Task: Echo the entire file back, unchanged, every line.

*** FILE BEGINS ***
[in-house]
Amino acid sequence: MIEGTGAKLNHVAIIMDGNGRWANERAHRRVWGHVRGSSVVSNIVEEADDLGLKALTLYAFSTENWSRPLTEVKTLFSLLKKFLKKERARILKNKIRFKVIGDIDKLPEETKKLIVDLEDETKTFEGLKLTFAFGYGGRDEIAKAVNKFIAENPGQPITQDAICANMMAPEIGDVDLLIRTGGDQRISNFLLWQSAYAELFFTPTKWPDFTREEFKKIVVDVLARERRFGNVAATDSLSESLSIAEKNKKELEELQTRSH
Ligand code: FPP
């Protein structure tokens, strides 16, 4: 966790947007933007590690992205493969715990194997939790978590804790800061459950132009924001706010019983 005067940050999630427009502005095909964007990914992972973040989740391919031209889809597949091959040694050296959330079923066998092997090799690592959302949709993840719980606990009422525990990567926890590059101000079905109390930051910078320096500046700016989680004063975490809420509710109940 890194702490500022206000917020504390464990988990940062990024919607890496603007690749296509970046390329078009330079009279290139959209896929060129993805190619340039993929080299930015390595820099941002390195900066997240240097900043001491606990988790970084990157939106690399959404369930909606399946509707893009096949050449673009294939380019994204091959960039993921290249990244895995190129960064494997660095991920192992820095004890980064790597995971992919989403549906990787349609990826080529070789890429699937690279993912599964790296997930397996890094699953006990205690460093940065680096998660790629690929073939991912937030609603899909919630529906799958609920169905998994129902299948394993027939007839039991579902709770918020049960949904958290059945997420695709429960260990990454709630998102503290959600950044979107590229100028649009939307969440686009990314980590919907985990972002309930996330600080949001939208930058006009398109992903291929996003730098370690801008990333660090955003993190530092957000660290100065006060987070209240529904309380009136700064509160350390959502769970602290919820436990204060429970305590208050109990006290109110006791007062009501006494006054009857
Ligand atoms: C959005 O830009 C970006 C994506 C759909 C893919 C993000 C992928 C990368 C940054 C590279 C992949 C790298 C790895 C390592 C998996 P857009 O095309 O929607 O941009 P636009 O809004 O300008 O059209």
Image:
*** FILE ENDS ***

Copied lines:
[in-house]
Amino acid sequence: MIEGTGAKLNHVAIIMDGNGRWANERAHRRVWGHVRGSSVVSNIVEEADDLGLKALTLYAFSTENWSRPLTEVKTLFSLLKKFLKKERARILKNKIRFKVIGDIDKLPEETKKLIVDLEDETKTFEGLKLTFAFGYGGRDEIAKAVNKFIAENPGQPITQDAICANMMAPEIGDVDLLIRTGGDQRISNFLLWQSAYAELFFTPTKWPDFTREEFKKIVVDVLARERRFGNVAATDSLSESLSIAEKNKKELEELQTRSH
Ligand code: FPP
């Protein structure tokens, strides 16, 4: 966790947007933007590690992205493969715990194997939790978590804790800061459950132009924001706010019983 005067940050999630427009502005095909964007990914992972973040989740391919031209889809597949091959040694050296959330079923066998092997090799690592959302949709993840719980606990009422525990990567926890590059101000079905109390930051910078320096500046700016989680004063975490809420509710109940 890194702490500022206000917020504390464990988990940062990024919607890496603007690749296509970046390329078009330079009279290139959209896929060129993805190619340039993929080299930015390595820099941002390195900066997240240097900043001491606990988790970084990157939106690399959404369930909606399946509707893009096949050449673009294939380019994204091959960039993921290249990244895995190129960064494997660095991920192992820095004890980064790597995971992919989403549906990787349609990826080529070789890429699937690279993912599964790296997930397996890094699953006990205690460093940065680096998660790629690929073939991912937030609603899909919630529906799958609920169905998994129902299948394993027939007839039991579902709770918020049960949904958290059945997420695709429960260990990454709630998102503290959600950044979107590229100028649009939307969440686009990314980590919907985990972002309930996330600080949001939208930058006009398109992903291929996003730098370690801008990333660090955003993190530092957000660290100065006060987070209240529904309380009136700064509160350390959502769970602290919820436990204060429970305590208050109990006290109110006791007062009501006494006054009857
Ligand atoms: C959005 O830009 C970006 C994506 C759909 C893919 C993000 C992928 C990368 C940054 C590279 C992949 C790298 C790895 C390592 C998996 P857009 O095309 O929607 O941009 P636009 O809004 O300008 O059209």
Image: